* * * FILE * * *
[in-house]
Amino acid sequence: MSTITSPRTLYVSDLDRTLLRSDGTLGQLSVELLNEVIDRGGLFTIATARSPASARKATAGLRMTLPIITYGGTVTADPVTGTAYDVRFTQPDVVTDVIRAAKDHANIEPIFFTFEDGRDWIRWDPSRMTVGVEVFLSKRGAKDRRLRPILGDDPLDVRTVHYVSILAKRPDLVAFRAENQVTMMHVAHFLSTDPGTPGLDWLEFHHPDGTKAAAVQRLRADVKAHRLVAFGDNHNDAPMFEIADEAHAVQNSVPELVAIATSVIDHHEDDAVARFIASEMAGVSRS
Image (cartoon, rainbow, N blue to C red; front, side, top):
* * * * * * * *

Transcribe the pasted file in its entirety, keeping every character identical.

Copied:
[in-house]
Amino acid sequence: MSTITSPRTLYVSDLDRTLLRSDGTLGQLSVELLNEVIDRGGLFTIATARSPASARKATAGLRMTLPIITYGGTVTADPVTGTAYDVRFTQPDVVTDVIRAAKDHANIEPIFFTFEDGRDWIRWDPSRMTVGVEVFLSKRGAKDRRLRPILGDDPLDVRTVHYVSILAKRPDLVAFRAENQVTMMHVAHFLSTDPGTPGLDWLEFHHPDGTKAAAVQRLRADVKAHRLVAFGDNHNDAPMFEIADEAHAVQNSVPELVAIATSVIDHHEDDAVARFIASEMAGVSRS
Image (cartoon, rainbow, N blue to C red; front, side, top):